A résumé is not the entire movie of your life but just a preview of coming attractions. You only write enough to make someone want to meet you. Most people make the critical mistake of including too many details coupled with lots of three-plus syllable words and long sentences. These are the sure-fire ingredients that will make certain your endeavor doesn’t get read at all. At best a résumé is given 30 seconds of someone’s time. So, it’s a Fog Index moment for you. Plus you MUST use bullets like you learned to do in the last blog.
The TARGET RESUME is the type I urge you to use. In it you list your Skills, Accomplishments, and Education. This form of resume is easiest to read and actually ca be skimmed over quite reliably in from 20 to 30 seconds. It shows originality on your part—and therefore will gain attention.
So here is what you do for a Target Resume.
Center at the top of your page your name, address, telephone number and email address.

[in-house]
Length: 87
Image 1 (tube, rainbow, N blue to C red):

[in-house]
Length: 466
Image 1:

Then on the first line a couple of spaces down, you write Job Objective with a colon. Then in very few words, tell the reader what kind of work you see yourself doing.
Job Objective: Graphic Design with an emphasis on Web Development.
Then you will have two major headings (centered): QUALIFICATIONS (these are the skills you possess) and ACHIEVEMENTS (the things you have done).
Indenting and using bullets, list at least 5 items under each heading. Do not use subjects for your bulleted sentences. Ex.
•Proficient in Adobe, Photoshop, Illustrator, InDesign.
•Supervised a staff of 3 graphic designers for two years.
Then you will write the heading EMPLOYMENT HISTORY and center it. There you will give the dates (from the most recent down), the positions you have held and where they took place.
Below that you will have the topic EDUCATION also centered. You will then list from the most recent down. Be sure to give the name and location and any degree or certificate you earned.
There you have a perfectly good résumé that should give you a decent shot at any job.
You should now write up an application letter and résumé in the manner I have suggested. Keep them at the ready for use. Both can be used in seeking out creative assignments. OR you can use them for any work that will keep the wolf away from the door while you’re waiting for your muse to arrive. Next week’s blog will help you master the art of writing letters of inquiry and request.